New Narratives in Art
As part of the New Narratives series, Conversations on Identity and Culture, playwright Jeff Stetson held a discussion in the Newkirk Alumni Center on Jan. 29, titled “Activism in Art.” Several distinguished guests were present for the evening, including Vice Chancellor Thomas Parham and Dean of the Claire Trevor School of the Arts Joseph Lewis, both of who gave introductory remarks.
As head of the School of Arts, Dean Lewis promotes the arts with enthusiasm and sees New Narratives with the sentiment that “through the arts we can connect with different kinds of people and make them think about themselves.” The series is designed to generate discussion about social issues of culture and identity and, of special interest to Dean Lewis, art’s way of expressing that.
“It’s time for a new narrative and one of the ways in which we have been able to do that is to be bold enough to have discussions about race and identity and culture in ways in which most people don’t want to touch,” Vice Chancellor Parham said. “Our job in this series is to challenge you, to disrupt those comfortable categories of intellectual and emotional apathy that has us comfortable in the way which things are, rather than thinking, pushing forward toward the way things might be.”
Guest speaker Stetson is known for his work on stage in “The Meeting” and “Fraternity;” on screen in “For the Love of Liberty;” and in print in “Blood on the Leaves,” but before his work as a writer, he worked in education. Stetson worked in the California State University system and higher education for fifteen years, seeking affirmative action programs and social progress in schools. He established BASE, Black Alliance of Scholarship Education, to bring students and faculty and staff all over Cal State campuses together. After some time working in education, Stetson became a writer.
“One of the things I realized here in California is that the things that made me become an educator: the psychic damage of black people that has occurred over 350 years — was being undermined by the Hollywood machine. And so I decided maybe I ought to start writing to see if I could make a change,” Stetson said.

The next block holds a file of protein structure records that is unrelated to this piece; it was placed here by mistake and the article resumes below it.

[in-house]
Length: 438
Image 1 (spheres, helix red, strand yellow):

While being an educator at CSU Long Beach, Stetson saw the need to explain the Civil Rights Movement to his students who did not grow up in that era. This led to his writing of his most well-known play, “The Meeting,” in which he imagines the meeting of Martin Luther King Jr. and Malcolm X.
His other well-known work is his novel, “Blood on the Leaves,” which was named for the Billy Holiday song “Strange Fruit” about lynching in the South. In the novel, Stetson shows the murderous nature of American history, as the white men who participated in lynching in the 1960s are killed in the same manner when their names are released in the 1980s. Stetson read chapter 39 during the event and shared that his editor thought it was too graphic and drastic for readers to appreciate. Stetson stands by his writing, explaining that he deeply believes that it is important for these accounts, fictional but based upon real events, to be shared and that there is something important to gain from retelling history.
“It’s important for artists who are attempting to hold up a mirror to society, to see that as unpleasant as this is, it’s important for you to take a look,” Stetson said. “All writers regardless of race, ethnicity or gender share a common responsibility-to seek the truth.”
Working in the entertainment industry, Stetson addressed the difficulties of creating art versus creating a livelihood. Stetson stressed the impact that the artist’s work has in defining the artist and impacting the audience. Known for his work about black culture and racial injustice, Stetson is approached with scripts for movies that would compromise his own values by depicting stereotypes, and for turning them down, he consequently loses business with those companies or individuals.
“Success is very much a question of why you as an artist, you as a person, value what it is you do and the potential that you have to pass it to others,” Stetson said.
Beyond any monetary motivation, Stetson encourages all artists and writers to seek their goals and to never compromise their vision. He says that compromising it and settling for a lesser version will forever identify the artist, and the struggle for achieving one’s vision will be much more difficult.
Vice Chancellor Parham concluded the conversation, restating the goals of the series and this discussion to be intellectually provocative, entertaining on a certain level and most of all challenging to the audience in their views and their respect for other cultures and identities.